The recent events that somehow never made it on to a proper blog update before include a few successes but also a number of “failures” which I prefer to consider as lessons learned.
There was a successful AI attempt for the first Tamworth sow – Sissy – and she is expected to farrow sometime on or after 12 January. After enjoying this success for a month or two, it was time for more AI with the second sow – Esther – but sadly I think my timing was wrong on that occasion and it didn’t take.
The second attempt with Esther was almost 3 weeks ago now so I’ll find out in the next few days whether that was successful or not. Immediately after that it’ll be time to move Sissy into the shed nearer the house ready for farrowing partly for her comfort with the weather but also for our convenience as it’s closer to the house. This time we’ll keep sow and piglets in there until the piglets are weaned at about 7-8 weeks old, it’s easier to catch them in a shed rather than chasing them around the woods.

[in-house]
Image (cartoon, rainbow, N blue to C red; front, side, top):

While I’m on the subject of failures, there was an attempt at a TB test for the cows and calves but things didn’t go to plan and a minor escape attempt meant that we had to postpone the test until later this month. In the meantime I have reinforced the defences and, as usual it seems, I’ve learnt a lot more from the problems than the successes.
The cows are doing well with their extra homework when I get a chance to work with them. This mostly involves getting them used to being penned in for a while and being moved one at a time through a cattle crush. I think that they’ll always be able to spot a vet at 50 paces so I need to be sure they’re securely penned in first before they realise what’s happening.
On a brighter note, the third “pet” chicken has started to lay eggs at last. This is the Columbine which lays a different coloured egg so it’s easy to spot when she delivers the goods. Admittedly she’s only laid 2 eggs so far – one on Christmas day and another on New Years Eve – but it’s a start. There are usually 1 or 2 eggs each day now which is as I’d hoped when I bought these 3 chickens a few months back.
When we have enough it’s nice to give some to the guests in the holiday let but the supply is a little unpredictable at times. This will improve with the longer days as spring arrives though so perhaps by then we’ll be back to filling the freezer with quiche…